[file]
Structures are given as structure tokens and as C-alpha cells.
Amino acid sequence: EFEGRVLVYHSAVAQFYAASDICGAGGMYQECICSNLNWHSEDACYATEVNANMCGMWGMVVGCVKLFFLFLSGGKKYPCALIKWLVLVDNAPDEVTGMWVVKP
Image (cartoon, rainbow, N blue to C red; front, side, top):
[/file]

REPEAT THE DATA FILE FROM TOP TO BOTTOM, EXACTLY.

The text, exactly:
Structures are given as structure tokens and as C-alpha cells.
Amino acid sequence: EFEGRVLVYHSAVAQFYAASDICGAGGMYQECICSNLNWHSEDACYATEVNANMCGMWGMVVGCVKLFFLFLSGGKKYPCALIKWLVLVDNAPDEVTGMWVVKP
Image (cartoon, rainbow, N blue to C red; front, side, top):